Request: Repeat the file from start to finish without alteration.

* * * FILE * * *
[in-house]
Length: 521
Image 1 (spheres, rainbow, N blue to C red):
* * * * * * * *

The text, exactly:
[in-house]
Length: 521
Image 1 (spheres, rainbow, N blue to C red):